Q&A: Eating Healthy In Your Own Culture

How can one eat healthy in the context of their own culture’s food?  Coming from Asian descent, the Asian diet doesn’t normally consist of salads and large cuts of meat, but instead has lots of carbohydrates, little protein content and lots of veggies

– Brian ( Vancouver, Canada)

Thank you for the question Brian.  This question is a great reminder that not all cultures are as protein-focused as the United States, which is evident in some popular restaurant menu themes and advertising.  For instance, Ruth Chris, Capital Grille and Morton’s are renowned names that have created brands for themselves with regards to their showmanship, preparation and cooking of premiere cuts of beef.  Since you can find a number of these restaurants across the country, it is obvious that there is an interested market looking for satiation.  Additionally, ad campaigns on television reiterating the phrases, “beef, it’s what’s for dinner” and “pork, the other white meat” inundate our media.

I believe the key to eating nutritionally sound meals, no matter the country of origin, is balance.  Ensuring that your plate has carbohydrate, vegetable/fruit and protein components so that intake is varied, thus fueling your body with different nutrients, vitamins and minerals is of utmost importance.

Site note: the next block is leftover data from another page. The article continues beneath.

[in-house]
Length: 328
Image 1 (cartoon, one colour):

Taking into consideration that meat does not routinely play a prominent role in Asian diets, concentrating on having a solid protein element as part of the meal vs. small, thin strips of meat that appear garnish-like would be beneficial.  The protein choice does not have to be meat per se, but could be soy foods, (i.e tofu, miso, etc.), fish and/or nuts.  Since these protein options are more popularly seen in Asian cuisine, increasing the amount on the plate and decreasing the rice/noodle/carbohydrate portion would create more balanced, nutrient-rich meals.

 –  Miss Chef RD

 

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